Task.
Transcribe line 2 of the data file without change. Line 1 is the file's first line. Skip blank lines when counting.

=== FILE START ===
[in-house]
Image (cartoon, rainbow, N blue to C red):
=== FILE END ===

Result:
Image (cartoon, rainbow, N blue to C red):